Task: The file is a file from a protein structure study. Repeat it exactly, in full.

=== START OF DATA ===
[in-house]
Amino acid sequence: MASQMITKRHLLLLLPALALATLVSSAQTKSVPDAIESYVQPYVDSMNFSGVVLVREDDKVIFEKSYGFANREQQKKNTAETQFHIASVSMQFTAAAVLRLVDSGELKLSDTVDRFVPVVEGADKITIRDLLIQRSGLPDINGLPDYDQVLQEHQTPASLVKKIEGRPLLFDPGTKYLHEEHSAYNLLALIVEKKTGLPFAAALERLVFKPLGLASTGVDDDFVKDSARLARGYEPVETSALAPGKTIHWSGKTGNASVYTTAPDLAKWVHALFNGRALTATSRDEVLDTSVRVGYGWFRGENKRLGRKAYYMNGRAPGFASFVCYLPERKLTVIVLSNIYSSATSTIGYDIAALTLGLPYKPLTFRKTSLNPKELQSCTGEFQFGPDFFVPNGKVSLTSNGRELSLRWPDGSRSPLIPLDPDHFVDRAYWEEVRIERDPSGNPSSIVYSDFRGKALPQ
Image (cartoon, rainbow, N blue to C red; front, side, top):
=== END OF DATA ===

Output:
[in-house]
Amino acid sequence: MASQMITKRHLLLLLPALALATLVSSAQTKSVPDAIESYVQPYVDSMNFSGVVLVREDDKVIFEKSYGFANREQQKKNTAETQFHIASVSMQFTAAAVLRLVDSGELKLSDTVDRFVPVVEGADKITIRDLLIQRSGLPDINGLPDYDQVLQEHQTPASLVKKIEGRPLLFDPGTKYLHEEHSAYNLLALIVEKKTGLPFAAALERLVFKPLGLASTGVDDDFVKDSARLARGYEPVETSALAPGKTIHWSGKTGNASVYTTAPDLAKWVHALFNGRALTATSRDEVLDTSVRVGYGWFRGENKRLGRKAYYMNGRAPGFASFVCYLPERKLTVIVLSNIYSSATSTIGYDIAALTLGLPYKPLTFRKTSLNPKELQSCTGEFQFGPDFFVPNGKVSLTSNGRELSLRWPDGSRSPLIPLDPDHFVDRAYWEEVRIERDPSGNPSSIVYSDFRGKALPQ
Image (cartoon, rainbow, N blue to C red; front, side, top):